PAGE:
Editorial: Hold memory of 'Tata' dear in a future without him
Few people achieve greatness. Fewer still come to define the age in which they live. Only a handful leave the world so revered that even their enemies bow their heads and acknowledge their achievements.
Reviewing the troubled and bloodied history of the past 100 years, some names - though comparatively few - spring immediately to mind, and Nelson Mandela will forever now be on that list.
Mandela played many parts in the modern South Africa's path to post-apartheid nationhood, and went by different names. Nelson was a name given to him by a teacher on his first day of school. The name Rolihlahla, given to him by his father, was prescient - it can be translated as "troublemaker". His clan name applied to him in later years, Madiba, commanded the deepest of respect. In between times he was variously branded or lauded as a revolutionary, a freedom-fighter, a communist sympathiser, a statesman, and - yes - a terrorist. It is not easily remembered now that he co-founded Umkhonto we Sizwe ("Spear of the Nation"), the armed wing of the African National Congress, which conducted sometimes bloody sabotage and military campaigns inside and outside South Africa. That, however, is in the past. Umkhonto we Sizwe was absorbed into the South African Defence Force by 1994, when Mandela became South Africa's president. The year before, Mandela and the last apartheid president, F W de Klerk, had been awarded the Nobel Peace Prize.
Born in 1918, Mandela struggled against apartheid for all of apartheid's history, from 1948 to his ascension to presidential power. His struggle included the 27 years he spent in prison, and the journey of prisoner number 46664 famously took him from a cell on Robben Island to Mahlamba Ndlopfu, the presidential palace in Pretoria.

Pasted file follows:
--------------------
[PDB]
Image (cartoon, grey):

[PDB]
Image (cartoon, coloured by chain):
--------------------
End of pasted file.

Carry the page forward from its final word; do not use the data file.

More remarkable, however, was what happened next. With Bishop Desmond Tutu, Mandela established the Truth and Reconciliation Commission which was intended to help resolve the conflicts from South Africa's past. It has not been without its critics, but the alternative could have been a bloodbath.
One only has to look at other parts of the world with unstable histories to know what viciousness humanity is capable of, even in the transition from oppression to democracy, or something akin to it. Southern Africa was one region where the potential for terrible bloodshed could never be discounted.
Before 1990, few would have predicted that the end of apartheid in South Africa would come without mass-scale violence, or even civil war. The transition was still difficult - with an estimated 14,000 deaths by political violence in the four years before Mandela's election - but South Africa got off comparatively lightly. Yesterday, de Klerk described Mandela's greatest legacy as being "that we are basically at peace with each other". Mandela's personal journey from being a guerilla leader, a man of war, to a president of peace and hope seemed to set an example for those who would emulate him.
South Africa still has a long way to go to defeat its hydra-headed and connected problems of poverty, crime, violence, unemployment and continuing inequality. For as long as he was alive, Mandela served as a symbol, through his example and what he started, that these many difficulties could one day be overcome. But now he has gone.
Perhaps one other of his names should be revered in his memory: "Tata", the "father" of his country. May South Africans - and all of us - hold it dearly and stay true to his legacy of peace as the Republic faces the future without him.